Dr. Spicer was prepared for the adversity — he knew the trip would be an adventure — but he wasn’t ready for the trusting gazes of his patients; gazes that told him they considered Tom Spicer an experienced doctor.
Although he felt fairly confident in his skills, Dr. Spicer hit sharp reality when his first two patients were plopped on his table, their limbs twisted with cerebral palsy. Sweat beaded on his brow as he realized he had no answers. But as the steady stream of patients flowed in and out of the makeshift examining rooms, he went from uncertain intern to full-fledged doctor. He had no choice — many of the hundreds of patients who flock to La Clinica de Mariposa hadn’t seen a doctor in years, if ever. They were eager for attention and willing to trust the band of chiropractors from the North to ease their pains and help them regain their bodies’ normal functionality.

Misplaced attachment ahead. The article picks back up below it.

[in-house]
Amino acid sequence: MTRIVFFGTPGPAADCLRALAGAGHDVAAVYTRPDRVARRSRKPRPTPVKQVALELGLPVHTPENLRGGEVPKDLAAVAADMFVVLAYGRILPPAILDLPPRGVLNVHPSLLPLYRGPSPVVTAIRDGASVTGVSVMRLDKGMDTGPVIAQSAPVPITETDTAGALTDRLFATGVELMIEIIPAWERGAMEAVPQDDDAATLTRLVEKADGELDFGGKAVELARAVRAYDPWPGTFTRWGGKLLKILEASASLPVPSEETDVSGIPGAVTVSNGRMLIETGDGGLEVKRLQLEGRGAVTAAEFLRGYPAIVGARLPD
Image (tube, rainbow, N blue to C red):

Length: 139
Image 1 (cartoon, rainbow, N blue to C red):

Dr. Spicer developed a bond with many of his patients, including Michael, a teenager who worked in the fields of San Miguel. He suffered from knee and ankle pain that limited his ability to work. Although he was concerned that the American doctors couldn’t do anything to eliminate the pain, he approached Dr. Spicer. Dr. Spicer adjusted him and sent him home with instructions to come back the next day. Michael said he doubted he would return, but the next day, he was back grinning from ear to ear. For the first time in months he was free of the pain that crippled him. By his third visit to Dr. Spicer, the young man had opened his heart to him, offering the hospitality of his home should Dr. Spicer ever visit Costa Rica again.